China Archives - Earth Charter

Earth Charter Manga publication in Chinese

EC-Manga Chinese SD voiceThe Earth Charter Manga, produced by the Earth Charter Japan Committee, has been a big success.  Now, there is a translation of this resource available in Chinese.  This translation and design has been done in installments, coordinated by the Earth Charter International Affiliate CEDS Asia, based in Hong Kong.

Calvin Yip is the Chinese student who has been doing the translation work, with several of his fellow students.  This resource was published in the magazine called SD Voice, page 25, and focuses on the topic of war and conflict.

This resource will be very useful during this year, considering Earth Charter International’s slogan for 2016: “Sowing a culture of peace”

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Promoting the Earth Charter in China

As part of the efforts to bring the attention of the Earth Charter to Chinese society, a first meeting of people interested or involved in the EC Initiative was held on July 23, 2014.  Among the participants were Government representatives, university professors and researchers, members of civil society, media and private sector organizations.

The meeting’s objectives were: a) to provide an opportunity for the Chinese experts, researchers and other members working on the Earth Charter to meet with each other and to learn their respective activities; and b) to discuss how to promote Earth Charter in China. 

ECI Council Member, Dr. Wang Hua, chaired the meeting, and Prof. Tian Qing offered a presentation on the rationales and principles of the Earth Charter as well as the EC participatory drafting and development processes. After Prof. Tian’s presentation, the participants discussed about how to promote the Earth Charter in China.

The participants first confirmed the importance of the Earth Charter for China as the application of EC values and principles will contribute to the on-going development of ecologic civilization and environmental, economic and social sustainability in China. The rationales and principles of the Earth Charter are consistent with the ecological civilization that China is building up and many of the EC principles can be used to direct the work of building ecological civilization in China.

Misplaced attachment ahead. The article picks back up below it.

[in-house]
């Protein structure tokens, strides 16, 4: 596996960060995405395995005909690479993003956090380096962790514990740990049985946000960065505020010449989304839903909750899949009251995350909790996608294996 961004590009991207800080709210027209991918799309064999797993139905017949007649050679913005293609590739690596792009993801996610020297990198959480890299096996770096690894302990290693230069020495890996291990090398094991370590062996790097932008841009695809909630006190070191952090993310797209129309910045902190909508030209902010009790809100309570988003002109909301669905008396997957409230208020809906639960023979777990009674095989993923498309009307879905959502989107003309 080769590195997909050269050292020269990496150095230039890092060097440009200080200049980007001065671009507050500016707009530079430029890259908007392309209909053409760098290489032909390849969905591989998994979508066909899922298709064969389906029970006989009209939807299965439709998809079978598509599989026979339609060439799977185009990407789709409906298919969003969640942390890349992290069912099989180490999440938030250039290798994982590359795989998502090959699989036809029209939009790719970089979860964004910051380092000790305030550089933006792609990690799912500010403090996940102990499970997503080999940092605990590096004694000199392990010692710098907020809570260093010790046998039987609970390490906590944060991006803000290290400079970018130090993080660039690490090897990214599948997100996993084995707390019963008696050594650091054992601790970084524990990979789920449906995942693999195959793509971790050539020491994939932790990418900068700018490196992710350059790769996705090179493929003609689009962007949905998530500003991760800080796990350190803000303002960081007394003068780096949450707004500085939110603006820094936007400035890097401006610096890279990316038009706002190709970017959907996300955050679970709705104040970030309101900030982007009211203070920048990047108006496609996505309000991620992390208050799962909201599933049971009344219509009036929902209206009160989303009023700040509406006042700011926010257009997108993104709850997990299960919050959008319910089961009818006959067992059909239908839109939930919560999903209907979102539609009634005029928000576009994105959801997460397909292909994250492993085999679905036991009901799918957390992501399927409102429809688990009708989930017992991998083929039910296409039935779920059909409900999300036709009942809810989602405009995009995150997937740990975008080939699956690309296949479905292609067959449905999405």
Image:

The challenges that EC promotion may encounter in China were also discussed. One of them being the importance to further adapt into Chinese specific circumstances many of the concepts in the Earth Charter, through the process of writing, training and dissemination.  EC rationales and principles are consistent with Chinese governmental policies; however a good presentation suitable for the Chinese context is required at the beginning of EC activities in China.

The following are the main points agreed by the meeting’s participants: (1) Creating EC China network to disseminate and promote EC with good coordination; (2) Building EC promotion platform while taking advantage of new and high networking technologies; and (3) Involving both public and private partners including mobilizing private contributions to increase EC impacts while ensuring that EC China remains not-for-profit.  

These are specific activities to implement to reach the above mentioned agreements: 

  • Organization of a workshop on the Earth Charter (in 2015), expanding EC China network.
  • Creation of an EC China webpage, building the platform for EC dissemination, publication and training,
  • Exploration of a possible recognition of the Earth Charter by the Government in the context of ecological civilization development in China. 
  • Recruiting more people to join the Earth Charter China.

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Recovery of the Heart book

“Recovery of the Heart, Dialogues with People Working towards a Sustainable Beijing” is the title of the most recent book by Stephanie B. Tansey, a longtime supporter of the Earth Charter and Director of the Earth Charter Communities Network (ECCN). With ECCN, she has promoted the Earth Charter message through local community groups in Turkmenistan, Israel, Nigeria, and now in China. According to her, the methodologies she uses are very effective to promote dialogue and foster communications skills.

This book introduces nine extraordinary Beijingers, both Chinese and American, their struggles, passions, and why Chinese wisdom and values are interconnected with a future, sustainable Beijing. It is written as a dialogue between the author and these Beijingers, but it is also one between Chinese and Western thought on humanity’s relationship with nature.

Some of the Beijingers in this book have used the Earth Charter in their work. For example, Mac Fan was one of the founders of the New School of Collaborative Learning, in China. This school used the Earth Charter as a tool for intercultural dialogue. Mac Fan explains his experience with the Earth Charter in detail.